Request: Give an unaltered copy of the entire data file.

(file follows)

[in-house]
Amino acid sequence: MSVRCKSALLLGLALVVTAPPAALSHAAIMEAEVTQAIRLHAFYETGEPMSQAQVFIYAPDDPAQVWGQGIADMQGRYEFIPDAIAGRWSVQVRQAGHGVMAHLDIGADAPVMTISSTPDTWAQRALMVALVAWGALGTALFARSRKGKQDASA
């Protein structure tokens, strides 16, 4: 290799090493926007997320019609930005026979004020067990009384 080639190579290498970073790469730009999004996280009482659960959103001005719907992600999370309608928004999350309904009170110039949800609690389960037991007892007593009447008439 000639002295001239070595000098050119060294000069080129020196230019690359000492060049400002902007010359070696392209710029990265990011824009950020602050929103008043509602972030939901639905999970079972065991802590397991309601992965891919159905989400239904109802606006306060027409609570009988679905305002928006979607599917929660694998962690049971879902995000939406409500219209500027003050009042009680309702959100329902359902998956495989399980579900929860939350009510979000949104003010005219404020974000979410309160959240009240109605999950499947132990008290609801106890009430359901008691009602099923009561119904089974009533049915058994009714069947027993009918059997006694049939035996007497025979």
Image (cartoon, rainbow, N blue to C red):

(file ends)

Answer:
[in-house]
Amino acid sequence: MSVRCKSALLLGLALVVTAPPAALSHAAIMEAEVTQAIRLHAFYETGEPMSQAQVFIYAPDDPAQVWGQGIADMQGRYEFIPDAIAGRWSVQVRQAGHGVMAHLDIGADAPVMTISSTPDTWAQRALMVALVAWGALGTALFARSRKGKQDASA
């Protein structure tokens, strides 16, 4: 290799090493926007997320019609930005026979004020067990009384 080639190579290498970073790469730009999004996280009482659960959103001005719907992600999370309608928004999350309904009170110039949800609690389960037991007892007593009447008439 000639002295001239070595000098050119060294000069080129020196230019690359000492060049400002902007010359070696392209710029990265990011824009950020602050929103008043509602972030939901639905999970079972065991802590397991309601992965891919159905989400239904109802606006306060027409609570009988679905305002928006979607599917929660694998962690049971879902995000939406409500219209500027003050009042009680309702959100329902359902998956495989399980579900929860939350009510979000949104003010005219404020974000979410309160959240009240109605999950499947132990008290609801106890009430359901008691009602099923009561119904089974009533049915058994009714069947027993009918059997006694049939035996007497025979």
Image (cartoon, rainbow, N blue to C red):